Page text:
The days of the incumbent MD/CEO, Alhaji Umaru Ibrahim at the helm of affairs saw the Corporation continually building on its past successes--successes which he has been part and parcel of having joined the Corporation since its inception in 1989. Worthy of note is the strengthening of Risk-Based Supervisory (RBS) approach in its supervisory role, which is in line with international best practice. The new approach allowed for the optimization of supervisory resources, as well as encouraged prudent risk management in banks.
Determined to avoid the repeat of the 2008 banking crisis in the country, the NDIC under Alhaji Ibrahim, who was appointed MD/CEO in 2010, is pursuing vigorously the examination of insured institutions. This can be seen from the dispatch with which the Corporation is handling maiden examination of the three recently acquired banks by AMCON which commenced on Monday 7th May, 2012 all in an effort to promote safe and sound banking practice and also engender depositor confidence in the financial system. The examination was meant to assess the regulatory compliance and financial condition of the banks in the first five months of their existence.
The good news coming out of the financial system, especially in the last one year is that the banking industry is well capitalised, adequately liquid with improved asset quality. For example the off-site supervisory activities of the Corporation revealed that the financial condition and performance of the banking industry improved in the current financial year compared to its performance as at 31st December, 2011. The banking industry total assets grew by 5.38% from N18.20 trillion in December 2011 to N19.18 trillion as at 31st August, 2012. Similarly, Net Loans and Advances increased by 16.20% from N6.42 trillion as at 31st December, 2011 to N7.46 trillion as at 31st August, 2012. Industry total deposit liabilities also grew by 6.57% from N12.33 trillion as at 31st December, 2011 to N13.14 trillion as at 31st August, 2012. All banks met the CBN prescribed minimum liquidity ratio of 30% during the current financial year.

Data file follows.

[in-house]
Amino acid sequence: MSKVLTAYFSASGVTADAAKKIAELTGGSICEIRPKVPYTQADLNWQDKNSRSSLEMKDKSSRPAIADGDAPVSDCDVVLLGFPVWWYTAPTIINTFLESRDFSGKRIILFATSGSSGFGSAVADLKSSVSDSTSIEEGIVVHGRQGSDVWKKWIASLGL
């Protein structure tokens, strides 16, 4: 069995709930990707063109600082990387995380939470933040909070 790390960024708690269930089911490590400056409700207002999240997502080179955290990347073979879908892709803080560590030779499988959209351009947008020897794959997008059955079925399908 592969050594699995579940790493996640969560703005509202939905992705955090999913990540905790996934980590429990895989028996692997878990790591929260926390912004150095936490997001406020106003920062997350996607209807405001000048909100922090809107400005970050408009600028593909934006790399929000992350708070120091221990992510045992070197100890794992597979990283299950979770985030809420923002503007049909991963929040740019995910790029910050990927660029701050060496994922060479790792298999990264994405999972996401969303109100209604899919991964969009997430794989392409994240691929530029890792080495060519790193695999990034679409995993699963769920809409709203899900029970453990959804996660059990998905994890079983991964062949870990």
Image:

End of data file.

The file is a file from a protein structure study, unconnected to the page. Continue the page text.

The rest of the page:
Similarly, much progress has been recorded by the corporation in its role as liquidator of the closed insured banks through asset realisation and payment of liquidation dividends to un-insured depositors and other eligible claimants of the closed insured banks. In a recent submission to the Senate Committee on Banking, Insurance and Other Financial Institutions, the Corporation reported that "a cumulative recovery for deposit money banks (DMBs) from 1994 to September 2012 stood at N23.334 billion as against N22.260 billion recovered as at 31st December, 2011. That showed an increase of N1,074.36 million, representing 4.83% in debt recovery between January and September 2012. Similarly, total cumulative recoveries from the closed MFBs as at August 31st, 2012 stood at N30.66 million against N13.57 million recovered as at December, 2011. That showed an increase of N17.09 million, representing an increase of almost 126% over the December 2011 figure".
With the above highlighted examples of the achievements of the Corporation since its inception and in the last two years, the imperatives of a strong state-backed deposit insurance scheme in Nigeria cannot be over emphasised.
Ibrahim Hassan wrote this piece from Abuja